Missing me? I was back home for a couple of weeks and took the time to visit some of the eating spots. Here're some of them where I actually got my camera along.
There were two Singaporean entries belonging to two extreme ends of the social spectrum in Patricia Schultz's 1000 Places to See Before You Die: Raffles Hotel - the luxurious colonial era hotel right smacked in the middle of City Hall (picture sipping cocktail surrounded by palm trees in an oasis of calmness amid the mad rush just beyond a wall, and the humble hawker centres - the collection of street food housed under covered compounds that can be found in most if not all the housing estates in Singapore.
Over the years, hawker centres gradually migrated into shopping malls in the form of air conditioned food courts. Basically carbon copies of each other, the street food of the old is now being served in a more comfortable setting at a premium.
It's no surprise that Resort World Sentosa is jumping into the fray as well. The newest addition to the food scene in Sentosa is the Malaysian Food Street, which is just next to the main entrance of Sentosa's Universal Studios theme park.
Not wanting to be "just another food court", Malaysian Food Street brings the most famous Malaysian street hawker fare under one roof. Names that include KL Jalan Alor Hokkien Mee, Penang Ah Long Lor Bak, Petaling Street Famous Porridge, Ampang Tong Tau Foo, Malacca Chicken Rice Ball, just to name a few.
Ampang Yong Tau Foo....
with a bowl of yam rice...
and some dim sum....
... with a cup of milk tea
The most striking has to be the facade. The old shophouses feel has been realistically replicated with the stalls on the "ground floor". It is like stepping right into the heart of the old Malaysian streets of the 1970s. You can almost imagine the hustle and bustle with clanking of pots and pans, and hungry customers chattering over dinner. The only thing amiss is the cool air conditioning and the constantly revolving Universal Studio globe less than thirty metres away.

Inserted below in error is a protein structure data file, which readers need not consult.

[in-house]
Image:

If Sentosa is to have a food court, it might as well be the Malaysian Food Street. Never mind the irony of having Malaysian hawkers right at the doorstep of an island proud its own food heritage. Frankly, there can only be so many Food Republics (food court chain run by Singapore's BreadTalk). If there has to be a food court on Sentosa, it might as well be Malaysian Food Street. Looks like Sentosa World Resort has scored again. I wouldn't be surprised if there are people who would take the rail shuttle into Sentosa just for lunch going forward.
Read also Ayam Penyat Ria, Hock Lam Street Beef Kuay Teow and Wok & Barrel.
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Sushi Ichikawa, Setagaya Tokyo
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